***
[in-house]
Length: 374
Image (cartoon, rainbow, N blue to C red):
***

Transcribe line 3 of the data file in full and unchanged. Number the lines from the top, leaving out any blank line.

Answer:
Image (cartoon, rainbow, N blue to C red):